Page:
As deer season becomes closer and is beginning in many states, you might have started employing trail cameras on your property. If that is the case then chances are you have asked how to set up a trail camera before. Here is a step by step guide on how to set up a trail camera and some other trail camera tips.
Step 1: Trail Camera Purpose and Purchasing
Figuring out what information you want to capture with your trail cameras is the first step in this trail camera guide, and the first step when discussing how to set up a trail camera. Are you trying to retrieve intel on the following: a food plot, scouting for turkeys, scouting for deer, over a mineral site, trail camera survey, mock scrape, trail, bait site, deer feeder or another simply for capturing photos of other wildlife? Generally, any and/or all of these should be researched further in depth for specific tactics and trail camera tips, but more vitally what camera to look into that has the requirements and can capture that specific info.
Step 2: Trail Camera Location
Defining what you want to achieve with your game camera will tell you where to put it, it’s really that simple. Trail camera location is step number two in this trail camera guide, and after the initial trail camera requirements is the next most important consideration.
Step 3: Trail Camera Installment
Each trail camera location that you end up installing a trail camera on will come with its own characteristics and limitations. A perfect tree will not always be available, rather it seems most of the trees you encounter are entirely too small or too large in diameter. When hanging and installing trail cameras, remember that you are not always limited to a tree or a fence post, and if you are, there are other tools other than a strap that can connect it to a tree.
Step 4: Trail Camera Field of View (FOV)
What is in the field of view for the trail camera? This is nearly as important as the consideration of how far the camera can detect and take pictures. What is in the FOV can determine a lot about the quality of intel you get. A branch, bush, tree, feeder, or another object in the FOV and frame can either set off the camera multiple times in the wind or block the image entirely. Objects can also interrupt the trail camera being able to detect wildlife, as well as catch the flash during the night.
Step 5: Trail Camera Night Photo Distance
Flash range distance during night events for trail camera should be considered when purchasing and determining the best steps in how to set up a trail camera. Step 5 in this trail camera guide is here for good reason. Often times night flash range and the ability to accurately judge what is in the photos/video during night events is often forgotten and ends in frustration of missed opportunities. A lot of wildlife, including deer, move during night-time hours, this is common knowledge, so be sure to include it when you are setting up your trail cameras.
The trail camera settings for the flash will include the sensitivity settings, high sensitivity should be used for open expansive areas such as food plots, bait, mineral, mock scrapes, watering holes, and feeding sites. Low sensitivity should be used on areas in thick areas and on trails.
Step 6: Trail Camera Direction
The sun can have a profound effect on the information you receive from your trail cameras. This is not discussing night vs. day activity or the events, rather the blinding effect the sun can have on the images themselves. Facing the camera East and West will result in white images or images that are unclear due to the sun. South is acceptable, but when setting up trail cameras always try and aim the camera north.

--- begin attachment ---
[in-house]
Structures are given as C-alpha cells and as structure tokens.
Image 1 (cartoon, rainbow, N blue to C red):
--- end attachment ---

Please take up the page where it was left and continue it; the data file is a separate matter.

Step 7: Trail Camera Scent
This is especially true for deer, or just for keeping your trail camera safe from critters! Most people, when it comes to setting out trail cameras don’t think of, or simply do not care enough to worry about scent control and trail cameras. This is a big mistake. Number 7 on this trail camera guide is trail camera scent and it can be critical. Trail cameras set out for deer is one obvious reason to take consideration of the scent you leave behind.
Step 8: Trail Camera Memory Cards
Trail camera memory cards are a significant consideration when learning how to set up a trail camera. Not having enough memory, and keeping the cameras out for an extended period of time could render the camera useless over time. Another consideration is also formatting the memory card to the trail camera. With today’s trail camera like the Pro Cam 12 or Pro Cam 10 offering higher and higher resolution video and ever increasing high-quality photos, the need for more space is evident.
Step 9: Trail Camera Batteries
While some of the very first models of trail camera ran off of huge D batteries, most trail cameras now run off of AAs. These have more options, are more readily found, and are quite easy to set up with rechargeable batteries. These might be the best options, especially when running several trail cameras. Cold weather has quite an effect on technology so always be sure to check your trail cameras battery life during the fall and winter months. Both Muddy trail cameras, the Pro Cam 12 and the Pro Cam 10 have operating ranges between -10 and 140 degrees.
Step 10: Trail Camera Settings
With everything else optimized the most crucial step is putting the trail camera on the right settings, this is where most mess this up.
Step 11: Trail Camera Security
The last step is often forgotten or not thought about, its trail camera security. Cable your trail cameras, it's as simple as that!